Thai airport workers demand compensation for lost break time


Thai airport security workers are seeking compensation for being denied breaks to eat or use the bathroom as labour dispute cases in Thailand sees a jump during the pandemic, union leaders said.

About 200 airport security workers are demanding compensation of about US$60,000 from AOT Aviation Security (AOT AVSEC), a joint venture that includes the country’s state-run airports operator.

Security workers involved in the case said they had not been allowed to leave their posts to eat or sometimes even to use the bathroom since they started working for the company in May 2020.

They said the situation got worse last year when the company stopped hiring additional staff – with those left behind regularly reprimanded for stepping away to eat packed lunches, buy a snack or use the toilet.

Ampai Wivatthanasathapat, president of the airport workers’ union that plans to file the complaint at the Labour Ministry next week, said the case reflected a slide in working conditions in Thailand since the Covid-19 crisis struck in early 2020.

“There has been a massive increase in labour rights violations across the country, with many employers using Covid-19 as an excuse to lay off workers without severance pay,” she told the Thomson Reuters Foundation.

Labour rights activists globally have voiced concerns about companies capitalising on the pandemic as an opportunity to cut costs by coercing workers to accept worse terms and conditions.

AOT AVSEC’s human resources manager Pasakorn Aksornsuwan said security guards have now been given lunch breaks, bringing them in line with other airport workers, following discussions with the Labour Ministry last month.

“Only (workers) in some spots might not have had a full hour lunch break. It’s not something that most faced,” he said.

The new complaint is the latest dispute involving Thai airport staff and comes amid a crackdown on labour unions in recent years, with leaders facing threats and pressure such as being fired for engaging in collective bargaining or strikes.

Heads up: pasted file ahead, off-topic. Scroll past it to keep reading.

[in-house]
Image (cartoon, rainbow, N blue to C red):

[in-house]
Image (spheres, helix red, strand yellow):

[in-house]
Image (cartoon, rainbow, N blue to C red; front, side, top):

The president of the state railway union and 12 other union leaders were sentenced to three years in prison a year ago for their role in organising a railway safety campaign.

Last month, more than 900 airport workers sued ASM Security Management, a company hired by state-run Airports of Thailand (AOT), saying they were tricked into accepting worse terms with the threat of losing their jobs.

In a separate case last year, 10 Suvarnabhumi airport workers filed suit against ASM on similar grounds, with the first court hearing to decide the dispute due in November.

Karn Thongyai, the head of ASM, said the workers had been “transferred” from ASM with years of prior service reflected in their pay, with higher salaries.

Even vital workers have lost basic rights as a result of the pandemic and the simultaneous crackdown on trade unions, according to the Solidarity Center, a U.S.-based labour rights advocacy group.

“It’s hard to imagine a more essential worker than airport security officers in a country that relies predominantly on tourism, and yet what the current exercise of rights has exposed is the systematic undermining of basic rights,” said the group’s country director, David Welsh.

“This includes most egregiously things like toilet and lunch breaks.” (Source: Thomson Reuters Foundation)